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From Wikipedia, the free encyclopedia

Aichi Kokuki KK (愛知航空機株式会社, Aichi Kōkūki Kabushiki Kaisha, Aichi Aircraft Co., Ltd.) was a Japanese aircraft manufacturer which produced several designs for the Imperial Japanese Navy. After the war, the company was reorganized as Aichi Machine Industry Co., Ltd (愛知機械工業) where they made small kei cars until 1966 when they were integrated into Nissan and developed the Nissan Sunny and Nissan Vanette.

Aichi Watch and Electric Manufacturing

The company was established in 1898 in Nagoya as Aichi Tokei Denki Seizo Kabushiki Kaisha (Aichi Watch and Electric Manufacturing Co., Ltd.). Aircraft production started in 1920,[1] and the company relied initially on technical assistance from Heinkel,[1] which influenced some of their designs. Later, with the prodding and support of the Imperial Japanese Navy, the company started making seaplanes using technology imported from Short Brothers in the UK.[2]

During the inter-war period, Aichi was the beneficiary of technology transferred from Heinkel Flugzeugwerke of Germany. At the time, a team from the League of Nations occasionally visited German aircraft manufacturers to monitor the ban on military aircraft research and production. A Japanese military attache who was a member of the monitoring team, let Heinkel know, confidentially and in advance, of the planned visits. Heinkel thus succeeded in continuing its design on the aircraft ordered by Aichi Aircraft without being spotted.[3]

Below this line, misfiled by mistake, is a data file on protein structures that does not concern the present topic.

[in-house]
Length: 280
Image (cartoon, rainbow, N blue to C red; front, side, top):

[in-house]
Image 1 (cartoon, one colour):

In 1943 the aircraft division was spun off as Aichi Kokuki Kabushiki Kaisha (Aichi Aircraft Co., Ltd.).[4]


Aichi Machine Industry

After the war, the company was reorganized, manufacturing kei cars under the Cony brand name in Japan. Its current descendant, Aichi Kikai Kōgyō Kabushiki Kaisha (Aichi Machine Industry Co., Ltd.), is integrated with the Nissan corporate structure.[5]

Automotive contributions

Nissan engines


  • FS6R31 - with synchronous control.
  • F30A / F50A / F70A
  • MFA60 / MFA80
  • W60A
  • R30A
  • MRA70
  • GR6

Vehicles manufactured


  1. ^ a b Mikesh and Abe 1990, p. 61.
  2. ^ Odagiri 1996, p. 216.
  3. ^ Odagiri 1996, p. 217.
  4. ^ Mikesh and Abe 1990, p. 79.
  5. ^ "Aichi Kikai manufacturing history". Aichi Machine Industry Website. Aichi Kikai. Archived from the original on 19 August 2010. Retrieved 7 July 2010.
  • Mikesh, Robert C. and Shorzoe Abe. Japanese Aircraft, 1910-1941. London: Putnam Aeronautical, 1990. ISBN 0-85177-840-2.
  • Odagiri, Hiroyuki. Technology and Industrial Development in Japan. Oxford, UK: Clarendon Press, 1996. ISBN 0-19-828802-6.

External links

This page was last edited on 8 September 2019, at 17:13
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